5′-GGATCCGGAAGACTCTCCTCCGAGATCCGGAAGACTCTCCTCCGAGATCCGG AAGACTCTCCTCCGAGATCCGGAAGACTCTCCTCCGAGATCCCCCTGCAG-3′

The construction of plasmid vector pPG345, starting from plasmid vector pPG344 can be described as follows: 500 nanograms of the plasmid vector pPG344 (starting material), comprising the vector backbone and the Ag7 terminator, are digested with the restriction enzymes BamHI and PmeI (New England Biolabs) and the linearized plasmid vector pPG344, with digested BamHI and PmeI sites is isolated following common laboratory protocols that are known to those skilled in the art (such as Sambrook et al. 1989, Molecular Cloning: A Laboratory Manual).

In a ligation reaction, the following DNA pieces are ligated together: 1) Plasmid vector pPG344 digested with BamHI and PmeI, as described above, 2) Modified minimal promoter (MMP) with PstI and PmeI sites as described above, 3) A piece of double stranded DNA comprising four copies of the Gal4 upstream activating sequence (4×Gal4 UAS) and BamHI and PstI restriction sites at the 5′-, or 3′-end, respectively. Before ligation, the 4×Gal4 UAS was digested with the restriction enzymes BamHI and PstI, following common laboratory protocols that are known to those skilled in the art. The ligation is performed following common laboratory protocols that are known to those skilled in the art (such as Sambrook et al. 1989, Molecular Cloning: A Laboratory Manual), yielding plasmid vector pPG345.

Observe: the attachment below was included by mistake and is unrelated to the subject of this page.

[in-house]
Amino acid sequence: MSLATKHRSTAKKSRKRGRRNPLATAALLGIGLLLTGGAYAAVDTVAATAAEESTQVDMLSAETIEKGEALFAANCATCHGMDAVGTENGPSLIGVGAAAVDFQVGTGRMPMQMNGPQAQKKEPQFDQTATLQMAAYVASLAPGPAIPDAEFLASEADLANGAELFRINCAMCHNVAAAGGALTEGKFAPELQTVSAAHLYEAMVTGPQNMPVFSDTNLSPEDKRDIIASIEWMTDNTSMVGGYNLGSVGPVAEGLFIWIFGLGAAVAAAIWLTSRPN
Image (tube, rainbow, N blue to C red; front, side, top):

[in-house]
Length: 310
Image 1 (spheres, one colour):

EXAMPLE 3

Preparation of plasmid construct pPG346 containing a structural gene (i.e. the β-glucuronidase (GUS) gene) with the modified minimal promoter. Plasmid pPG346 is shown in FIG. 3. The plasmid vector pPG346 is derived from pPG345 and consists of 4877 basepairs. pPG346 is set forth as follows, wherein AscI, BamHI, PstI, PmeI, HindIII, AvrII, StuI, are restriction enzyme sites (numbers in parentheses indicate the nucleotide positions where the respective restriction enzyme cuts the DNA sequence). 4×Gal4UAS is DNA sequence containing four copies of a Gal4 upstream activation sequence from Sacchoromyces cerevisiae, as described hereinbefore, MMP is the modified minimal promoter, GUS (β-glucuronidase) is the structural gene as described hereinafter for pPG347, and Ag7 term is as described hereinafter for pPG344.